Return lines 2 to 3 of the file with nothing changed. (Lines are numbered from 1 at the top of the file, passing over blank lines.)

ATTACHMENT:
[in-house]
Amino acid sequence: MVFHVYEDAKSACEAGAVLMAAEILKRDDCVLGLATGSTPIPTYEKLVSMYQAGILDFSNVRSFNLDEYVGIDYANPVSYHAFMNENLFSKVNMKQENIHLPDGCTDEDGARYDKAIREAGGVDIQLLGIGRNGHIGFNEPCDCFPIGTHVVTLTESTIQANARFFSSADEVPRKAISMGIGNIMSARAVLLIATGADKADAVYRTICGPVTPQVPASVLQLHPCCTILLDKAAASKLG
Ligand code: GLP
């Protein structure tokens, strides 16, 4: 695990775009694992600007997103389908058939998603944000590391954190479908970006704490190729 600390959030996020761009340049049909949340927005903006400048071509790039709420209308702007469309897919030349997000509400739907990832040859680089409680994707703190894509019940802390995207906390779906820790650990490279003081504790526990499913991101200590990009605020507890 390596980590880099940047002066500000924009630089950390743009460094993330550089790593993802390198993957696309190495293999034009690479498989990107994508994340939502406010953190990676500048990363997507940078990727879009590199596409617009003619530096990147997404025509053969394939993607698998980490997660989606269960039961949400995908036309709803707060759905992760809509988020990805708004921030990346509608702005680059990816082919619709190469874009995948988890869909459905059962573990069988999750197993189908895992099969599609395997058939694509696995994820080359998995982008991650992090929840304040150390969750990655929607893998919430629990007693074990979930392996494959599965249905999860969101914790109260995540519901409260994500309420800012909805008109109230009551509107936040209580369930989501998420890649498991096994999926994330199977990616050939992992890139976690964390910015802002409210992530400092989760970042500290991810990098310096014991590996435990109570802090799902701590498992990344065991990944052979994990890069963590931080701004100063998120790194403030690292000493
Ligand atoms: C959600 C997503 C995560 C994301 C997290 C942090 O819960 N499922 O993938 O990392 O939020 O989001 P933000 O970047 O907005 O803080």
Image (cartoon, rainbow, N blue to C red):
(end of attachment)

Amino acid sequence: MVFHVYEDAKSACEAGAVLMAAEILKRDDCVLGLATGSTPIPTYEKLVSMYQAGILDFSNVRSFNLDEYVGIDYANPVSYHAFMNENLFSKVNMKQENIHLPDGCTDEDGARYDKAIREAGGVDIQLLGIGRNGHIGFNEPCDCFPIGTHVVTLTESTIQANARFFSSADEVPRKAISMGIGNIMSARAVLLIATGADKADAVYRTICGPVTPQVPASVLQLHPCCTILLDKAAASKLG
Ligand code: GLP